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BCS National Championship preview

Who’s No. 1? Key matchups will decide the big game. National Football Post

Print This January 07, 2010, 03:15 PM EST
Bunting, Fortenbaugh and Bowen discuss tonight's National Championship game.

BCS National Championship
Alabama vs. Texas
Tonight, 8 p.m. EST, ABC

What to watch for:

Top NFL prospects do battle in the slot

Texas WR Jordan Shipley vs. Alabama CB Javier Arenas

Texas wideout Jordan Shipley makes his living in the slot. He displays a real feel for the pass game, does a great job selling his routes and possesses the short-area quickness to win most matchups when he’s given a two-way go. However, as I’ve discussed in the past, Shipley isn’t a physical or shifty athlete off the line and will struggle to beat press coverage when lined up on the outside. But the Texas coaching staff, for the most part, has done a great job hiding him in the slot and keeping him away from opposing defenses’ top cornerbacks. That’s why Shipley’s matchup with Alabama’s “do-it-all” cornerback, Javier Arenas, is going to make for an interesting battle tonight.

Arenas is one of my favorite prospects in this year’s draft. He has the ability to play both on the outside and in the slot, can press, play off-coverage and zone, as well as tackle in space and be a factor in the return game. Simply put, the guy is a good all-around football player. Arenas is likely the best overall corner Shipley will face this season from the slot, as Arenas not only has experience playing inside but can be physical off the line and redirects well out of his breaks. He’s the kind of corner Shipley is going to need to beat on a consistent basis when lined up inside at the next level, and this matchup will be a great measuring stick to determine just how effective he can be in the NFL.

Can they hold up inside?

I haven’t been a fan of the Texas offensive line. Left tackle Adam Ulatoski is a limited athlete who lacks range/fluidity off the edge, and center Chris Hall and guard Charlie Tanner have struggled to hold up vs. any kind of legitimate NFL-caliber talent. So it will be interesting to see how the Longhorns handle the Alabama defensive front inside. Now, so much has been made about Alabama’s 6-5, 365-pound nose tackle, Terrence Cody, however, Cody doesn’t rush the passer and isn’t a guy who can make plays in space. And with Texas consistently spreading the field and throwing the ball, I don’t think it’s Cody who’s going to have a big impact in this game.

The guy who needs to be accounted for inside on passing downs is sophomore defensive lineman Marcell Dareus. Dareus is a thick 6-3, 280-pound athlete who exhibits an impressive initial burst off the ball and a powerful punch on contact. He consistently showcases an ability to bull his way into the backfield and is a good enough athlete to shed on contact and close on the football. He’s one prospect who really jumped out on tape this season on the Alabama defense and is a guy who has the ability to cause problems for Texas on passing downs.

Help your cause, Colt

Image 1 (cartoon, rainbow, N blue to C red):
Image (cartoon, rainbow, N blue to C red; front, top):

Texas QB Colt McCoy couldn’t have asked for a better stage to silence his critics (including me) and the have the type of performance needed to boost his draft stock. Make no mistake, McCoy is a talented passer. He’s a good athlete. And above all, he’s a winner. However, what worries me most about McCoy in the pass game isn’t his average arm strength or even his occasional shabby footwork. It’s his ability to be decisive in the pocket, keep his eyes downfield and accurately deliver the ball in the face of pressure. Those are things I have yet to see from him vs. a formidable opponent this season.

Too often, he makes up his mind before the snap, stares down his target and, as soon as he feels pressure up the gut, looks down and fails to find his second/third options. He does a nice job creating with his legs and has the ability to break containment and accurately distribute the football down the field, but in tonight’s game, you can bet he’s going to see a lot of blitzes from linebackers through the A-gaps and pressure up the gut -- and with four-plus weeks to prepare, how he handles the inside rush could either drastically help/hurt his draft stock.

Stack and shed

We know the Alabama offense is going to want to play power football and try to impose its will on the Texas front seven. But one guy who’s going to need to have a big game is Texas middle linebacker Roddrick Muckelroy. The question is: Does he have the ability to hold up inside vs. the Crimson Tide downhill run game? Muckelroy is a gifted straight-line athlete who displays the range to run sideline to sideline and make plays in pursuit. Yet when watching him on tape, I don’t think he’s the most gifted of lateral athletes and doesn’t exhibit ideal stack-and-shed ability on contact. He’s done well this season vs. the more “finesse” offenses of the Big 12, but this is a great test to see if he has what it takes to make plays vs. the big boys inside the box.

The Eraser

If the Longhorns are going to have a chance to win tonight, the defense needs to create turnovers and give its offense friendly field position. And if there’s one guy who can ball-hawk and make plays in the Texas secondary, it’s safety Earl Thomas. Thomas possesses a unique blend of instincts, fluidity and range in coverage and does a great job tracking the throw and coming down with the ball. He’s a bit undersized at 5-10, 197, but he has a nose for the pass game and is going to need to be a difference-maker if the Longhorns are to end the season No. 1.

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